Environmental noise as risk factor for postoperative delirium in an orthopedic sample: an exploratory, correlational study

UNCG Author/Contributor (non-UNCG co-authors, if there are any, appear on document)
Courtney Brown (Creator)
The University of North Carolina at Greensboro (UNCG )
Web Site: http://library.uncg.edu/
Beth Barba

Abstract: Postoperative delirium (PD) affects approximately 25 percent of participants over the age of 60 having major surgery. Long term negative effects include persistent delirium, loss of independence, nursing home placement, and mortality. There is evidence that incidence is related in-part to multifactorial precipitating and predisposing factors; however, none of the studies found evaluated perioperative environmental factors. One environmental factor that may influence the severity of PD is intraoperative noise. A surgical population with an increased incidence of delirium is orthopedic surgery. Orthopedic surgery, such as total hip or knee arthroplasties, involves the use of equipment such as loud drills and saws. The incidence of PD in those having orthopedic procedures is between 41% and 50%. The purposes of this study were to describe the environmental noise in an orthopedic operating room environment during arthroplastic surgery and to explore the relationship operational noise variables to the incidence and severity of PD. The correlational design is a non-experimental method chosen to examine the strength of the relationship between perioperative noise in the orthopedic total knee or hip arthroplasty suite and the incidence of PD. A convenience sample was comprised of participants presenting at their pre-anesthesia assessment visit and ending when the calculated sample size has been reached. This exploratory study demonstrated inconsistent findings in relation to noise loudness and pitch variables and delirium severity. However, all noise levels exceeded US governmental agencies recommended maximum levels and may put patients and personnel at risk. More research is needed to further investigate hospital noise and outcomes.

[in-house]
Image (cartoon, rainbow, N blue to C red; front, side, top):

Additional Information

Language: English
Date: 2013
Postoperative delirium, Orthopedic surgery, Elderly, Environmental noise
Orthopedic surgery $x Complications
Noise $x Physiological effect

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